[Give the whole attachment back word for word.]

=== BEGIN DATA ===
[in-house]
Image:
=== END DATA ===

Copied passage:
[in-house]
Image: